There have been a lot of exciting moments for faboys and fagirls over the course of the last decade, but there are few that rival that day it was announced that Marvel Studios had made a deal with Sony to finally bring Spider-Man to the Marvel Cinematic Universe. Instead of giving the beloved webslinger his own movie first, they introduced the new version of the character in Captain America: Civil War. Prior to that, people were wary of Spidey, thanks to the several reboots the character had been through. But Tom Holland won everyone over and that helped set up Spider-Man: Homecoming, which properly brought him into the MCU fold in a fun and inventive superhero flick.

This journey to Avengers: Infinity War series has looked back at nearly every movie so far in the MCU, with just Thor: Ragnarok and Black Panther left to go. Before digging in to this movie specifically, we should note that this movie doesn't really have many ties to Avengers: Infinity War. In the grander sense of the story, it looks like Spider-Man is going to be featured prominently in Infinity War, so it's probably good to have seen this movie to understand where he's been before seeing where he's going. So if you're doing some last minute binge-watching before the movie comes out, this isn't totally crucial as a refresher.

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A lot of people really love Spider-Man: Homecoming. And they absolutely should, because it's a blast. But comic book die-hards may wrestle with it. There are a lot of things in this movie that go against the classic Spidey stuff from his early years that fans know from the comics. However, this was the third time the character had been rebooted on the big screen. As such, there was a tremendous amount of pressure to reinvent the wheel. This movie wasn't put in one creative box, it was put in several. Nothing about Spider-Man is broken, but because audiences had already seen the classic early tale of the character on screen, twice, this movie was forced to be different. It was also forced to exist in an already well-established MCU and also had Sony as a creative partner. This wasn't just Kevin Feige getting to point and shoot.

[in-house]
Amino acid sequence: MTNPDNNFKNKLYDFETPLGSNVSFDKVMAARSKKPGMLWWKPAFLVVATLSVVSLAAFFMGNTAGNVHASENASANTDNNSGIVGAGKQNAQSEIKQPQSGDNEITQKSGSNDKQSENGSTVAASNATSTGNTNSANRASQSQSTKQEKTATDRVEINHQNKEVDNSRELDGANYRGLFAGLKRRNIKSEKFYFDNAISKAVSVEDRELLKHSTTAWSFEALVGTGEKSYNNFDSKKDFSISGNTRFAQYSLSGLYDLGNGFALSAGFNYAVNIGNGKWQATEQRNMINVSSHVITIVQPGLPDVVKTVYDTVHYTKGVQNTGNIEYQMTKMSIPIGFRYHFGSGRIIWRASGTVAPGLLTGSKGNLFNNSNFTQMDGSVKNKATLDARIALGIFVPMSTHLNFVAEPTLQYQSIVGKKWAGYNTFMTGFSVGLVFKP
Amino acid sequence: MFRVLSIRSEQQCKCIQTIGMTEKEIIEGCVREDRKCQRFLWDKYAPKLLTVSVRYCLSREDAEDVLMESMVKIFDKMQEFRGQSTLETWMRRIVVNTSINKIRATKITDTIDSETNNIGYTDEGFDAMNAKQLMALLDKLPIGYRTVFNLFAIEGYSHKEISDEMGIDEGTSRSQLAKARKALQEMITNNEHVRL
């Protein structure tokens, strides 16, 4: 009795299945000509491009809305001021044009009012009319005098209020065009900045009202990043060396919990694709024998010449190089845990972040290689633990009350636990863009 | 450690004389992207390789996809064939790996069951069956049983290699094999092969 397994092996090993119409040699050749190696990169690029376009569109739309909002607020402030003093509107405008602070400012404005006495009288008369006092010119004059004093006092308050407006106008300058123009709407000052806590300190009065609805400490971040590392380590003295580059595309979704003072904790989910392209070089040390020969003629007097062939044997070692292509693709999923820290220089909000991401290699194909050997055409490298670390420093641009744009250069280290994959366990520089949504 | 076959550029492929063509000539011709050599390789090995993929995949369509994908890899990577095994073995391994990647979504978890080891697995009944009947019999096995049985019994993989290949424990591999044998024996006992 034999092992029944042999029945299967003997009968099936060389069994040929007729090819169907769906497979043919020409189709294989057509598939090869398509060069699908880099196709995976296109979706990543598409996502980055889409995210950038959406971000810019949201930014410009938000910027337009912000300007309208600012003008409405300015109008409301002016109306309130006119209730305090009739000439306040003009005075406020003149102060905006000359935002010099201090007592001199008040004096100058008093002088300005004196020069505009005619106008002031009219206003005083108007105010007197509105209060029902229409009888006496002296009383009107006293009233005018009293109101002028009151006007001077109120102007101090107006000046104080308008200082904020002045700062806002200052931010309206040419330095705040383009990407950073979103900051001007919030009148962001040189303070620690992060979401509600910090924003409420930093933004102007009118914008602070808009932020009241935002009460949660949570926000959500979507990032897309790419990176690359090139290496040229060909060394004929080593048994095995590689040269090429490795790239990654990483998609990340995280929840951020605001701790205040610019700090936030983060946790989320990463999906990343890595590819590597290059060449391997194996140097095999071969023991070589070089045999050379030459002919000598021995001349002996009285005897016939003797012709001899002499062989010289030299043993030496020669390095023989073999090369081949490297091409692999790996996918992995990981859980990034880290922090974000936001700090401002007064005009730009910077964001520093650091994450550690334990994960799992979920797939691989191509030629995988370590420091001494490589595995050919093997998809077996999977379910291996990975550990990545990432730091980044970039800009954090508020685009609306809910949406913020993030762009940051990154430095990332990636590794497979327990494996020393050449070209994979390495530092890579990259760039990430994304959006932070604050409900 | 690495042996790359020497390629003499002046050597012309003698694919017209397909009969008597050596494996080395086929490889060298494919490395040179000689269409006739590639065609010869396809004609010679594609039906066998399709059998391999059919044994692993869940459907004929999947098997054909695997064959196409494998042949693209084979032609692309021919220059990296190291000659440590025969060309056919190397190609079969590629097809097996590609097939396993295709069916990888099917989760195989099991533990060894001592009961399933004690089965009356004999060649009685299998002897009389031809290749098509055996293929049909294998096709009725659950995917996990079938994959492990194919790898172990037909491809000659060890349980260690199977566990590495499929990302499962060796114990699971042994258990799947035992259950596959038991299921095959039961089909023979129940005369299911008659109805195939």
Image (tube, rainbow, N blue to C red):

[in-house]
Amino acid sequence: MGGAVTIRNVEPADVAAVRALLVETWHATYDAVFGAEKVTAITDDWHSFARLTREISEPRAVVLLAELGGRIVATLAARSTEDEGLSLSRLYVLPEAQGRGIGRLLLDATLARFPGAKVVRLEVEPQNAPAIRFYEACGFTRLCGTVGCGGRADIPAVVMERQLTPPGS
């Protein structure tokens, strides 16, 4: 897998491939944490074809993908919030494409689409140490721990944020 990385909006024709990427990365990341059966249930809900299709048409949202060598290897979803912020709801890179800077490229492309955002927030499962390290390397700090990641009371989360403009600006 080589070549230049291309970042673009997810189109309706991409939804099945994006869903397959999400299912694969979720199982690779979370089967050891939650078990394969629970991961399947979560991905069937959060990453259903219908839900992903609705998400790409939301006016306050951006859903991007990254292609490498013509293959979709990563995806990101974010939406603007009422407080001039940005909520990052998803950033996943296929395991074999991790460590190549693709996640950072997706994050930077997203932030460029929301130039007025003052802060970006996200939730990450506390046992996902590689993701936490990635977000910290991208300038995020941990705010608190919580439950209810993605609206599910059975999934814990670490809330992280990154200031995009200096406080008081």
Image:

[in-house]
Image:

Taking all of that into account, those who are fiercely loyal to the version of the Spider-Man world they know from the world of Marvel Comics should try and set that aside when watching Homecoming. What's most important here is that Tom Holland is the pitch-perfect Peter Parker. Nobody else has even come close. While we got a dose of that in Civil War, the young star gets two hours to charm our pants off here. Speaking of Civil War, the opening of this movie where we get to see Peter's vantage point of those events from his cell phone videos is purely delightful. If you don't have a smile painted across your face during that bit, I think comic book movies probably aren't your thing.

Sure, is it easy to be a little annoyed that a ton of people know Peter Parker is Spider-Man, his suit is high-tech, which takes something away from the charm of the early years of the character, and the whole "M.J." thing? Yes. The M.J. name drop still makes me cringe, but beyond such things there is far too much to enjoy here to be cynical about it. Most importantly, they got the character of Peter Parker right, which is painfully crucial. To me, this is where The Amazing Spider-Man movies failed miraculously. But this also feels like a reasonable, modern take on the character. This is what a 15-year-old Peter Parker would look like in 2018. This is exemplified in what might be my favorite moment in the entire movie when the stranger on the ground says, "Ok Spiderman, do a flip," and, just like that, he does a flip. It's a small moment, but it sums up everything right about this movie very succinctly.